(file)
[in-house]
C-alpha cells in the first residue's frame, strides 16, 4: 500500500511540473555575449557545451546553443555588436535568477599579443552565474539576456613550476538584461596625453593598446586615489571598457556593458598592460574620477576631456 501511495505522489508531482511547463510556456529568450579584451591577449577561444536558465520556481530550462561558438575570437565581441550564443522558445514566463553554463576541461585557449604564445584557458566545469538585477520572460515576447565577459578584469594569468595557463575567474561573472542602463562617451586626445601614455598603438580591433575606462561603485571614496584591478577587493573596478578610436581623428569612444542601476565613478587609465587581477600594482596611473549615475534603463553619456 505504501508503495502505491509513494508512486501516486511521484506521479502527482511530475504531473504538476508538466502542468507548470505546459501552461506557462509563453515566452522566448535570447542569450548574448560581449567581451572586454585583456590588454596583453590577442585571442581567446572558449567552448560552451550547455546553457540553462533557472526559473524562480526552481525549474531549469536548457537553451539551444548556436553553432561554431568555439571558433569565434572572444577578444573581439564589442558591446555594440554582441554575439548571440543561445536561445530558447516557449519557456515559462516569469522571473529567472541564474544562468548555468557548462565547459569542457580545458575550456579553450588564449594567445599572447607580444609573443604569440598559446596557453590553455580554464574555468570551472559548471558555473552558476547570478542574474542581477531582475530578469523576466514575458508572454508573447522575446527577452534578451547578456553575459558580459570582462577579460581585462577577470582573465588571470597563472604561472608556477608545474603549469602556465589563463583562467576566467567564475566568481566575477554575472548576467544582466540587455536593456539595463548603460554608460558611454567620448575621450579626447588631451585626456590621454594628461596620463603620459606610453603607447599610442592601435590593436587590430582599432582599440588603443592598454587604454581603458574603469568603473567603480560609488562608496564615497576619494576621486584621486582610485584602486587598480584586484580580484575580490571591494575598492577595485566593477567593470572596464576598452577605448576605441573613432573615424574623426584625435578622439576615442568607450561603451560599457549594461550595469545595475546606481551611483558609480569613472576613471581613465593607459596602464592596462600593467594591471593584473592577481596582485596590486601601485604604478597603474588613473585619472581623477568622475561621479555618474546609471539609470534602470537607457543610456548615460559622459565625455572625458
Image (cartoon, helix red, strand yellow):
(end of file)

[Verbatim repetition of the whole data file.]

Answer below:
[in-house]
C-alpha cells in the first residue's frame, strides 16, 4: 500500500511540473555575449557545451546553443555588436535568477599579443552565474539576456613550476538584461596625453593598446586615489571598457556593458598592460574620477576631456 501511495505522489508531482511547463510556456529568450579584451591577449577561444536558465520556481530550462561558438575570437565581441550564443522558445514566463553554463576541461585557449604564445584557458566545469538585477520572460515576447565577459578584469594569468595557463575567474561573472542602463562617451586626445601614455598603438580591433575606462561603485571614496584591478577587493573596478578610436581623428569612444542601476565613478587609465587581477600594482596611473549615475534603463553619456 505504501508503495502505491509513494508512486501516486511521484506521479502527482511530475504531473504538476508538466502542468507548470505546459501552461506557462509563453515566452522566448535570447542569450548574448560581449567581451572586454585583456590588454596583453590577442585571442581567446572558449567552448560552451550547455546553457540553462533557472526559473524562480526552481525549474531549469536548457537553451539551444548556436553553432561554431568555439571558433569565434572572444577578444573581439564589442558591446555594440554582441554575439548571440543561445536561445530558447516557449519557456515559462516569469522571473529567472541564474544562468548555468557548462565547459569542457580545458575550456579553450588564449594567445599572447607580444609573443604569440598559446596557453590553455580554464574555468570551472559548471558555473552558476547570478542574474542581477531582475530578469523576466514575458508572454508573447522575446527577452534578451547578456553575459558580459570582462577579460581585462577577470582573465588571470597563472604561472608556477608545474603549469602556465589563463583562467576566467567564475566568481566575477554575472548576467544582466540587455536593456539595463548603460554608460558611454567620448575621450579626447588631451585626456590621454594628461596620463603620459606610453603607447599610442592601435590593436587590430582599432582599440588603443592598454587604454581603458574603469568603473567603480560609488562608496564615497576619494576621486584621486582610485584602486587598480584586484580580484575580490571591494575598492577595485566593477567593470572596464576598452577605448576605441573613432573615424574623426584625435578622439576615442568607450561603451560599457549594461550595469545595475546606481551611483558609480569613472576613471581613465593607459596602464592596462600593467594591471593584473592577481596582485596590486601601485604604478597603474588613473585619472581623477568622475561621479555618474546609471539609470534602470537607457543610456548615460559622459565625455572625458
Image (cartoon, helix red, strand yellow):